7.  There are two books written by Mark Ludwig Stinson, the Chieftain of Jotun's Bane Kindred, that can be particularly helpful to new heathens.  Both the "Heathen Gods" and "Heathen Tribes" books are collections of essays on enormously practical topics within Heathenry.  The essays cover a wide-range of topics including what it means to be and live as a Heathen, starting and maintaining a Kindred, raising children in a Heathen family, and other aspects of our Faith and way of life.  Both books are available as free PDF downloads (but are also available in paperback or hardback) in the "Heathen Bookstore" here on our website.

8.  In order to gain a base level of understanding of the cultural aspects of our Ancestor's world-view, "Culture of the Teutons" is a great source.  It is a book well worth reading.  This book is available as a  free PDF download (but are also available in paperback or hardback) in the "Heathen Bookstore" here on our website.  We're not suggesting this book because it is in our Bookstore, but rather this book is in our Bookstore because we feel it is important enough to make readily accessible.
 
9.  Heathens really never stop learning.  Once you get the basics down, there are plenty of topics and resources to dive into based on your interests.  For a list of good books to consider reading, check out the "Suggested Further Reading" page on our website.


"That's a lot of Reading!" 

All but two of the above suggestions involve reading books or other materials.  This is a fairly effective way to gain knowlege and learn what you need to learn to make the transition from the mainstream Christian-influenced culture within which we are all raised to a Heathen world-view.  What if you aren't a strong reader or even enjoy reading?  Well, don't feel too bad about it.  Our Heathen ancestors didn't read or even have books.  If reading just isn't your thing, there are some audio book resources available, podcasts, and possibly the opportunity to learn directly from other Heathens.

And while there is a lot to learn, Heathenry is at its very core about family and community.  It is our opinion that you can read all the books you want and have all the book-learning in the world, and you will still not be able to fully grasp what it is to be truly Heathen without knowing and interacting with other Heathens face-to-face in at least some fashion.  If you are new to Asatru, seek out other heathens in your area or your region as part of your learning process.  Finding and meeting with other heathens will add a depth to your knowledge, that books alone cannot provide.  Meeting with and knowing other heathens can quickly accelerate your learning and enculturation process.  The association and interaction with other heathens allows you to put what you are learning into practice, and it will drive and motivate you to incorporate what you are learning into your everyday life.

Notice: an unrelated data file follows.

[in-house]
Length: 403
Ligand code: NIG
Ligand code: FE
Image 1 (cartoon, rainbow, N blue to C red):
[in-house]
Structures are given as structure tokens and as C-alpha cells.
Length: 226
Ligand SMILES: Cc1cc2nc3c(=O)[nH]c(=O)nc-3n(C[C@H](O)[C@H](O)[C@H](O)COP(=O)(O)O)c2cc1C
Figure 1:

If you have trouble finding Asatruars or Heathens in your area, don't give up.  Keep trying.  Even finding one other Heathen with which to meet and learn together will be worth whatever effort you put into making it happen.


Interacting On-Line with Other Heathens?

You'll notice that none of the Suggetions above talk about interacting with other Heathens on-line on message boards, e-lists, or social networking sites.  It is not that interacting on-line or getting information from the internet is inherently bad.  After all, you are reading this on-line right now.  But, interacting on-line with Heathens can be a mixed-bag.  There are definitely pit-falls.  You don't really know the people you are interacting with, even if the internet gives you the illusion of knowing them.  Unless you've met them and gotten to know them face-to-face, the Heathens you interact with on-line are simply pixels on a screen, portraying themselves as they wish to be perceived.

On-line Heatheny can also very political.  I don't mean in a governmental Democrats vs. Republicans way. I mean, there is a lot of personal politics on-line.  There are Heathens that push personal agendas or who want you to join an on-line Heathen organization and send them dues every year.  There are factions, trolls, and generally misguided people who seek to personally destroy those Heathens that believe or practice their faith differently than they do.  It can be a fairly negative place to interact with people.  Not always...but often enough that it feels necessary to give a warning about it.

If you ask questions about Heathenry on-line, you aren't really sure who the person is who is giving you answers or whether the answers are good and wise answers.  How do these people actually live their lives?  Who are they really and do they actually live by Heathen values?  Real-life interaction is so much more valuable and meaningful than on-line interaction.  For this reason, we didn't list on-line interaction as one of our suggestions above.  All that being said, you are reading this on the Temple of Our Heathen Gods website.  So, obviously if you are reading these words you are already reaching out on-line.  LOL.  Just be cautious.


For a comprehensive list of more books to read, visit our Suggested Reading Page.



Please feel free to comment below...

Mark
« Last Edit: May 12, 2014, 08:06:18 PM by Ludwig »
Mark Ludwig Stinson
Chieftain of Jotun's Bane Kindred
http://www.facebook.com/asatru

Re: "I'm New to Heathenry, Where do I Start?" (Comments Welcome)
« Reply #1 on: May 23, 2015, 09:14:42 AM »

Emack76

  • Welcome Guest
  • *
  • Posts: 5
    • View Profile
Hi Mark,

We believe our tribe is ready to start folk-building in our area.  We'd like to be listed on the World Wide Asatruar map.  Can you help with that?

Thanks,
Eric
Ida Plainsmen
Ida Plainsmen
Columbia, Mo